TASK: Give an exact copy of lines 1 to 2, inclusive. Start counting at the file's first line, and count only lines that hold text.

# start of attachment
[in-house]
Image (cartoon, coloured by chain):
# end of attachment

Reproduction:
[in-house]
Image (cartoon, coloured by chain):